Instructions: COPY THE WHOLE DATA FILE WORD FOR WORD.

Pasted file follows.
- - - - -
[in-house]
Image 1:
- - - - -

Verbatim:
[in-house]
Image 1: